Not enough pockets. One external pocket that's about the size of an iPad mini and one mesh pocket built into the main flap? Woof! I'd like to see some more external pockets for organizing and getting to my stuff without having to rifle through the entire main compartment to find it.

Overall: I foresee this pack being very versatile and useful, probably the best carryon-sized pack Backcontry has. After trying a couple other packs I'm glad I settled on this one!

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Gifford Nowland

Gifford Nowland wrote a review of on January 22, 2014

5 5

Familiarity: I've put it through the wringer

You know when you see someone on the mountain wearing this gruff buff they're going to send it big, and you can send it big too! All it takes is some guts and this gruff buff...

Just don't forget to whack your pole on the cornice and yell "DROPPING!" loud enough so the gapers from the lift can see your rad moves!

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Gifford Nowland

Gifford Nowland wrote a review of on January 15, 2014

5 5

Familiarity: I've put it through the wringer
Fit: True to size

First off, I absolutely love this jacket. I spent hours doing extensive research on down jackets, I bought 3 different styles (this, a patagonia, and a marmot), and this is what I found:

One of the greatest misconceptions about down jackets is that "fill power" (800-fill, for example) is the most important spec to consider-- but if you're only considering fill power you're missing half the story! A down jacket's warmth is actually derived from a variety of factors: fill power (or loft), fill weight, and wind resistance.

Fill power relates to down "loft" or "fluffiness", and has to do with feather size- larger feathers means better loft and more air an ounce of the down can trap; increasing warmth and contributing to a lighter and more compressible jacket, but not all 800 fill jackets are made equal...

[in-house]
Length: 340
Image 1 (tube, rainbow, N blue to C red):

Even before you try them on, if you lay two 800-fill jackets side-by-side and you can immediately tell which jacket is going to be warmer: it's the one that's thicker! It's common sense. The more insulation shoved into the jacket, the warmer it's going to be. The problem is, browsing online you can't put products side-by-side and squeeze them. You have to look at pictures, and read numerical stats. Unfortunately fill weight isn't always publicized (I had to actually look at the physical tags for some of these to get their fill weight numbers). So let's take a look:

Fill Weight (Primary Determinant of Warmth):
- MontBell UL Inner = 2 oz
- Patagonia Down Sweater = 3 oz
- Marmot Zeus = 3.5 oz
- MontBell Light Down (this jaceket) = 4.3 oz

The numbers don't lie: this jacket has the best fill weight out of all that I considered. No wonder it's by far the warmest!

As for the third factor, wind resistance, the 30 denier ballistic ripstop nylon nylon shell is the strongest, lightest, most wind resistant shell fabric made.

So there you have it! I hope my legwork helps you make a fully-informed purchase decision... to get this jacket!!

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Gifford Nowland

Gifford Nowland wrote a review of on January 2, 2014

5 5

Familiarity: I gave it as a gift, but have feedback to share

Got this for my girlfriend who has had lifelong knee issues and has pretty much every type of brace made. She loves this, no other brace transfers the force from her thigh to her calf better, alleviating most of the knee pain she's had. She can finally join me on my hikes without ending in tears. Great product.